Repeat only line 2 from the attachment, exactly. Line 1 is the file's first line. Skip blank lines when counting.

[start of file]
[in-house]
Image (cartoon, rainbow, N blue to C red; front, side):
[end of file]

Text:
Image (cartoon, rainbow, N blue to C red; front, side):